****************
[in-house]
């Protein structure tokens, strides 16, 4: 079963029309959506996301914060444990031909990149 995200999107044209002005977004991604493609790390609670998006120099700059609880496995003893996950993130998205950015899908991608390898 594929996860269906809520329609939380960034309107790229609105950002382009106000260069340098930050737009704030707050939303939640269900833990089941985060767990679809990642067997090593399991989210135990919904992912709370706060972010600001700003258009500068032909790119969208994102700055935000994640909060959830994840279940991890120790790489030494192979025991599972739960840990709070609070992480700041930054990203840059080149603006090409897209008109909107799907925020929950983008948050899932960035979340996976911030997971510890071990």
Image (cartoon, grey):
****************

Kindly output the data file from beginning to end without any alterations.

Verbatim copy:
[in-house]
């Protein structure tokens, strides 16, 4: 079963029309959506996301914060444990031909990149 995200999107044209002005977004991604493609790390609670998006120099700059609880496995003893996950993130998205950015899908991608390898 594929996860269906809520329609939380960034309107790229609105950002382009106000260069340098930050737009704030707050939303939640269900833990089941985060767990679809990642067997090593399991989210135990919904992912709370706060972010600001700003258009500068032909790119969208994102700055935000994640909060959830994840279940991890120790790489030494192979025991599972739960840990709070609070992480700041930054990203840059080149603006090409897209008109909107799907925020929950983008948050899932960035979340996976911030997971510890071990």
Image (cartoon, grey):